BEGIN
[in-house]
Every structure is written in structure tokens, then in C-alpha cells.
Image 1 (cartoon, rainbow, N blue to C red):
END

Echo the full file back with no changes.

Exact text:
[in-house]
Every structure is written in structure tokens, then in C-alpha cells.
Image 1 (cartoon, rainbow, N blue to C red):